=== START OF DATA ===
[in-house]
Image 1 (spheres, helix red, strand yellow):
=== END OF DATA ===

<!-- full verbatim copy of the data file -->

[in-house]
Image 1 (spheres, helix red, strand yellow):